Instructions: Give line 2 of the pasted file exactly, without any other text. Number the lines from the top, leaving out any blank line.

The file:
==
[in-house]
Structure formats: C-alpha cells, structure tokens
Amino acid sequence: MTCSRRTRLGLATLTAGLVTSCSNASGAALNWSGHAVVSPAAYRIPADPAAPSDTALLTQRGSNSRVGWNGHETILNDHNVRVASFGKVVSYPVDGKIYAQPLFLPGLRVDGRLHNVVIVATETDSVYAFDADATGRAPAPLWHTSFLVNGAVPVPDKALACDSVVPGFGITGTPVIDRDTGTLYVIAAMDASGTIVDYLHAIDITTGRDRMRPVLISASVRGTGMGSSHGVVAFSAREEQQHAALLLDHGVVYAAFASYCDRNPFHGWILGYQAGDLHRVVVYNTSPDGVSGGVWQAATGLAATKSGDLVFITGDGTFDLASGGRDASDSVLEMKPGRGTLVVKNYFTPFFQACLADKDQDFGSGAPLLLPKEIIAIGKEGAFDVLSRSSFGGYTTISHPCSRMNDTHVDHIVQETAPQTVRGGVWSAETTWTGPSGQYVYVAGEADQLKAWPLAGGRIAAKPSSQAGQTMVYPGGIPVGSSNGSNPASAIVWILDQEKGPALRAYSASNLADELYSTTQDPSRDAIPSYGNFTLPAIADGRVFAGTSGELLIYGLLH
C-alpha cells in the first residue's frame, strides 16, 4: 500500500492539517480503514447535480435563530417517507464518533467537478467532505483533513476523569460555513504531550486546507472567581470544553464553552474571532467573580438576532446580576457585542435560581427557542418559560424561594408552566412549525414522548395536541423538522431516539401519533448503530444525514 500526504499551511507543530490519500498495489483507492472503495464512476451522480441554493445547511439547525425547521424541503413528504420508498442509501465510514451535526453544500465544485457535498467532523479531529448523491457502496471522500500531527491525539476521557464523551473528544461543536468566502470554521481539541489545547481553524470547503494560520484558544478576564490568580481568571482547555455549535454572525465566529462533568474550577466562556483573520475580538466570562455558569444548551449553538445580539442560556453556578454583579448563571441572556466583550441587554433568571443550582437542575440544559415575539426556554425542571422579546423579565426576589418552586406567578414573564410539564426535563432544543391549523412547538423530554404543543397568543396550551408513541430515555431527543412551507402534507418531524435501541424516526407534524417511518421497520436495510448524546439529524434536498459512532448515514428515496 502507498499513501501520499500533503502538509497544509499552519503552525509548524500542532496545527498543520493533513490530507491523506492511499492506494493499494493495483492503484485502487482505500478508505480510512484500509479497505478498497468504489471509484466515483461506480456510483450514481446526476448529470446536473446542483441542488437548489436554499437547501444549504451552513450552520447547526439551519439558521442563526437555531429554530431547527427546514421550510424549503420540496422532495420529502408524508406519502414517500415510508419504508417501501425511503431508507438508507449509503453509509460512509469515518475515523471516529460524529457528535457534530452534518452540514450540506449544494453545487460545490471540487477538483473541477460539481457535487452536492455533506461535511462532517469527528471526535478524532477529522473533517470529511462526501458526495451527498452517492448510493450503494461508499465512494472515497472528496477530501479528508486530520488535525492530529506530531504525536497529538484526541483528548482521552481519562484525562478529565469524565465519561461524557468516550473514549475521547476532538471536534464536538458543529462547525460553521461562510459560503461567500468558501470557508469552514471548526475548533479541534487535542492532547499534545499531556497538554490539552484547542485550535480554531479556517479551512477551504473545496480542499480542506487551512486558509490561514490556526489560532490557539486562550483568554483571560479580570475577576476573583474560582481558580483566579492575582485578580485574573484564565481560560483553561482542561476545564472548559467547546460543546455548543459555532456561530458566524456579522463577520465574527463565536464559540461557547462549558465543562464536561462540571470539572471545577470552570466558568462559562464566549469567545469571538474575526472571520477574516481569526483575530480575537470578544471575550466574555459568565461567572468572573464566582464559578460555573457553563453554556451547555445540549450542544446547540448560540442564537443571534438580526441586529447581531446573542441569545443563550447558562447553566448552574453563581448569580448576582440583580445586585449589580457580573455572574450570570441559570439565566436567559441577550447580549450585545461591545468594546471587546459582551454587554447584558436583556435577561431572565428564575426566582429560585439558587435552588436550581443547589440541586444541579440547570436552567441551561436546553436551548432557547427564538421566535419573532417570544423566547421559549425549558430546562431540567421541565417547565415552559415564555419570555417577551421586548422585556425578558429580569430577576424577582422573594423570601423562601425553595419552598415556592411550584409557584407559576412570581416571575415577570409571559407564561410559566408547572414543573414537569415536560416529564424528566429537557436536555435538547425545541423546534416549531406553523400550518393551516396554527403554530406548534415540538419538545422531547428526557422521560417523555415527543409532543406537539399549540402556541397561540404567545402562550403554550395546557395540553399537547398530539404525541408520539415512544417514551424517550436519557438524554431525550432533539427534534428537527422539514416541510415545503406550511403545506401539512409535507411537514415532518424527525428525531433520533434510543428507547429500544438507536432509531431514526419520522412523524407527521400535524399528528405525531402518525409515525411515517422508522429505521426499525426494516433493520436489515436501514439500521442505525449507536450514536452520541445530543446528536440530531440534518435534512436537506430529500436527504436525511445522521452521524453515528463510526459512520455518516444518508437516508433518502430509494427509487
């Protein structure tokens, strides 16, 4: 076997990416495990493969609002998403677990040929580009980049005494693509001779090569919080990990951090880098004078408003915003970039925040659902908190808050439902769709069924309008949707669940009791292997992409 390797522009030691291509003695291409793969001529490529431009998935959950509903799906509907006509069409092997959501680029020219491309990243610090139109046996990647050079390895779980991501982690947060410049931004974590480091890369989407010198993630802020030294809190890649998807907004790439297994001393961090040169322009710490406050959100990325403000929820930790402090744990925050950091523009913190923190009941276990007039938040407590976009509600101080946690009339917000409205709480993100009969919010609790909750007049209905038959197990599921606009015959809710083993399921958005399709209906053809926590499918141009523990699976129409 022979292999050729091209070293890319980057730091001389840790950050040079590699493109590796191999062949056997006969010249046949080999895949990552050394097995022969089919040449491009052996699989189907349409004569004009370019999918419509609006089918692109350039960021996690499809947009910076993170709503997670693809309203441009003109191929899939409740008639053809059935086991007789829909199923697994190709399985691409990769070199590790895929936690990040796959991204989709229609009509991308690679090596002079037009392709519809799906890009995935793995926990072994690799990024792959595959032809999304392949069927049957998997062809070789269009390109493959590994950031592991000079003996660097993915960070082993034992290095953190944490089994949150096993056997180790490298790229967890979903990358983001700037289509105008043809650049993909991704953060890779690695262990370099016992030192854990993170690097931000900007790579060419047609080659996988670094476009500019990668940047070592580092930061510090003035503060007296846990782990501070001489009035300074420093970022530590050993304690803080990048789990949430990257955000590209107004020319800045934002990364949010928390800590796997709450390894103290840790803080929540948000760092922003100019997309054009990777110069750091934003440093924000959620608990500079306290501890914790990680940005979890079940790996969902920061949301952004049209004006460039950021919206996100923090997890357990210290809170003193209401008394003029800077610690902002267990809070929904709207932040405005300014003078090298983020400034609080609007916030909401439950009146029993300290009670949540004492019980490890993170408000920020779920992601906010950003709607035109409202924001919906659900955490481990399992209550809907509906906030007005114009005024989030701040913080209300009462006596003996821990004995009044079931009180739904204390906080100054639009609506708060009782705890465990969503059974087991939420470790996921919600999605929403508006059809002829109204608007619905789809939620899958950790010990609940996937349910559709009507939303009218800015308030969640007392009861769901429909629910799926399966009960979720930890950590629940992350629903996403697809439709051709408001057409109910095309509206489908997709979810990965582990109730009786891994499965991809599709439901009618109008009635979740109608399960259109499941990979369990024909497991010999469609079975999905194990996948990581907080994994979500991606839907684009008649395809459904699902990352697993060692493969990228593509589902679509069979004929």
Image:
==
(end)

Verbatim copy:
Structure formats: C-alpha cells, structure tokens